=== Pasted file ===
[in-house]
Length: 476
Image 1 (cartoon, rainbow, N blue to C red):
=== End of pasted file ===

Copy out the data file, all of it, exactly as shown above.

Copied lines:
[in-house]
Length: 476
Image 1 (cartoon, rainbow, N blue to C red):